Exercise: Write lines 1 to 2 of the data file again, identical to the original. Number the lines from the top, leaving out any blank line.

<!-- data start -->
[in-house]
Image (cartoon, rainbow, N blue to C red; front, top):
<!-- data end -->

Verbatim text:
[in-house]
Image (cartoon, rainbow, N blue to C red; front, top):